Of all the characters in Chicago Typewriter, my utmost favourite is perhaps the dog. Like This is My First Life (2017), the animal/pet somehow became a scene-stealer himself. Perhaps because the dog is super cute that the viewers would love it at first sight. It’s an Old English Sheepdog and he is super duper cute! Like seriously, very cute. Old English Sheepdog isn’t one of my favourite dog breeds but after watching Chicago Typewriter, maybe they will be one of my favourites as well. Even the dog doll in this drama is also very adorable. I don’t know how Korean dramas can always make a very iconic and cute doll in the dramas.

What I like about Chicago Typewriter is the chemistry between all the characters. Not only the love story but also the friendship. I think Han Se-Joo and Yoo Jin-Oh made a great friendship. They were very funny together. Sometimes they fought, sometimes they got along just fine. I think I like seeing the friendship more than the love story. Not that Yoo Ah-In and Im Soo-Jung didn’t create a good chemistry, they were good but not as sweet as most couples in other dramas that I’ve seen. Yoo Ah-In and Go Kyung-Pyo showed a stronger bond. They could be very funny. Despite everything, the relationship between Han Se-Joo, Jeon-Seol, and Yoo Jin-Oh was interesting. The story of how the three of them were connected was the highlight of this drama.

It took me more than half way of the drama to realise that Chicago Typewriter is about when Japan still ruled over Korea and all the young Korean were trying their best to rebel so Korea could be free from Japan. They had enough of Japan making slaves on Korean people. I think it was something like that, though I can’t be more precise or specific since I don’t know much about Korean or Japan history. Chicago Typewriter used a back and forth plot, which was a smart choice when they put it right. Now, I am not saying they put it wrong, it’s just the way they did it makes Chicago Typewriter lost the main point and plot of the storyline. Seriously, I was confused where the story was going because I don’t know their goals. When I watched Korean dramas, I usually understand what’s the goal of the story. I could see it clearly what’s the point and the focus of the drama. However, I didn’t see it in Chicago Typewriter. Somehow, the story of this drama got mazy and lost its focus.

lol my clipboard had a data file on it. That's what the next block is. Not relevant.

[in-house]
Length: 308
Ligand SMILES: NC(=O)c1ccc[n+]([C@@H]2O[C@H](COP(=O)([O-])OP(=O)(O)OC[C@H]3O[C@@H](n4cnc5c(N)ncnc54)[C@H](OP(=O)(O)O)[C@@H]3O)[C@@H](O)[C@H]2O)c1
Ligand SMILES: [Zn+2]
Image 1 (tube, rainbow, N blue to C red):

I like a back and forth plot. It could be very interesting if they could tell it right. I haven’t seen a lot of Korean dramas that used a back and forth plot. Usually, it would go like this. The present, the past, and back to the present again. However, Chicago Typewriter gave us a lot of glimpse to the past, not just once but in every episode. I don’t mind if the story of the past was a continuation but the thing about Chicago Typewriter is that they didn’t make the past story a continuation. It’s kind of random and I got confused what happened first or second or third. The story structure of the characters’ past life was kind of a mess, in my opinion. Since they want to make a long past life story rather than a short history, they should make the story structure more structural and not confusing. Take The Legend of the Blue Sea (2017) for example. This drama used similar pattern wherein each episode, we were shown the past life of the main characters. However, I didn’t get confused because the past life story was focused and structural and definitely not mazy.

Nevertheless, I like how Chicago Typewriter told a history of Korea into something new. They just needed to do it better so that the viewers wouldn’t end up confused with the whole story. By the end of the drama, they were so focused on the past that I nearly forgot the purpose of the characters in present time. No, scratch that. It’s kind of an understatement because I did forget the storyline in the present time. I did forget what’s happening with Han Se-Joo and what sort situation he was facing. Up until now, I was still questioning whether the writers wanted to highlight the story of the past or the present because if they wanted to highlight the past, they surely started it wrong. If they wanted to highlight the present, they surely ended it wrong. The balance between the past and present story in Chicago Typewriter was kind of a mess and confusing. I don’t know if it’s just me or many of other viewers also thought so.